And if the crowd was any indication, then it worked. Disclosure have made a name for themselves as artists who have been continuously producing high caliber work on every front (and for their newest, check out “The Mechanism”), and that’s exactly what they give to people who make it out to their shows. Once again, the Lawrence brothers killed it.

(By the way, they totally closed with “Latch,” and, I swear, it still hasn’t gotten old. Check out the [[shaky camera phone video below]] for proof that this song has deftly avoided the common fate of the overplayed summer hit. I dare you not to dance along.)


At this point the evening was coming to its peak, and suddenly the realization that both Kanye West and Alex Turner would be within the same one-mile radius as me hit hard. My entire group was both terribly exhausted and indecisive about acts, so after a water + bacon break we made the decision to run from Kanye to Arctic Monkeys about halfway through.

Kanye West (first half)


Complete darkness. Enter FOG, both Karl and machine-made. Stage screens suddenly come to life in a series of FLASHING LIGHTS, red and white. Enter, from stage right, lone FIGURE clad in glittering diamond facemask.

As the crowd’s suspicions are immediately corroborated by KIM KARDASHIAN’S Twitter feed, the lone FIGURE is none other than KANYE WEST. A single spotlight falls on him.

Open with “Black Skinhead.” With $4 chocolate-covered bacon in hand, your dashing Arts Review CONTRIBUTOR and FRIENDS run from BACONLAND to LANDS END. Cue wild dancing. Cue verse of “I Don’t Like.” Cue “Mercy,” and the crowd goes wild.


–Lamborghini Mercy; your chick, she so thirsty—

Cue “Clique,” which seems to go as planned until music abruptly stops. We can hear KANYEmuttering along the lines of “naw, no, no” over the crowd’s growing dissent. Seemingly out of nowhere, he begins to talk about public image.


You know it’s crazy, ‘cause, uh, sometimes, when I read the press or some Google alert or some shit, it makes you feel or think that… people don’t like me or something.

But they don’t know what season they living in—it’s Yeezy season… and I got my clique. (yells) That’s all y’all! Y’all my motherfucking clique… So I want y’all to say it with me!

KANYE proceeds to continue with “Clique,” and crowd screams at the top of their lungs.


—Ain’t nobody fucking with my clique, clique—

Lights flash. KANYE takes off his mask.



Set continues with excellent renditions of “New Slaves” and “Power.” But then—

KANYE (interrupting “Power”)

Okay, okay, I’m not feeling this. Not feeling it. I was gonna save this for the finale, but we’re doing it now—I want all y’all to get into some big circles now.

KANYE then proceeds to tell the crowd to get into large circles and mosh when the beat drops. He opens “Blood on the Leaves,” but interrupts and starts over a few times because some circles are not, in his opinion, large enough.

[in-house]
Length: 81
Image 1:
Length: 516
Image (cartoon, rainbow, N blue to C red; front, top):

Nuh-uh, Kanye, that’s too much fucking work! (sits down, nearby crowd members drunkenly applaud her)

KANYE manages to make it about two minutes in before abruptly switching to “Stronger.” Continues with “Runaway,” interrupts with a line that quickly becomes one of the most tweeted quotes of the festival.


Put your fingers to the stars. Because after Kanye’s show…

There is a slight pause, likely for dramatic effect.

KANYE (continued)

…you are all stars.

Newly christened as stars, the crowd goes crazy. Show continues with “Diamonds of Sierra Leone.” It is around this time that your Arts Review CONTRIBUTOR and FRIENDS make a mental note to catch his next show in the area and walk off to KANYE performing “Heartless.” They are on their way to catch the last half of the set across the park, the one and only—


Arctic Monkeys (second half)

The Arctic Monkeys’ talent was almost too much for the smaller Twin Peaks stage—crystal-clear, fresh-off-the-record musical talent that could be heard through the fairy forest festival grounds. Alex Turner dominated the stage in his now-trademark leather jacket and slicked back greaser hair, going so far as to pull out a comb brush back some non-existent strays. The crowd picked up every cue, from synchronized clapping to waving their glowing phone screens in the air during some choice ballads. The band was perfectly choreographed with a slight rugged, swaggering edge—it quickly became apparent that the Arctic Monkeys were veterans at this “festival performance” thing.


But even though there was talent to spare, it was clear that this set was fueled by nostalgia. It was the kind of performance that reminds you buying your first CDs and singing loudly in your room and makes you feel like you’re rediscovering your love for music all over again.

Personally, I have harbored a deep-set love for this band ever since the release of “Your Favourite Nightmare,” the album that defined 7th grade as the point of my life where I started to develop the first inklings of musical autonomy. Their music went on to mark quite a few adolescent landmarks for me: starting high school, prom (ha), my first kiss, driving for the first terrifying time, graduation. They shared what they made for us to use in our lives as we saw fit, and getting to watch them assemble these songs right in front of me felt like my relationship with their music was finally coming full circle.

Judging by the rest of the crowd, who was yelling along to “Old Yellow Bricks” and “Fluorescent Adolescent” and their more recent tracks off of “AM” just as loudly as I was, I don’t think I was alone in feeling this way. It was a moment of mass catharsis, and it was beautiful.

Arctic Monkeys closed with “R U Mine?”, leaving behind an open stage and a satisfied crowd. I could not imagine anything topping this.

But, then again, we still had two days left to go.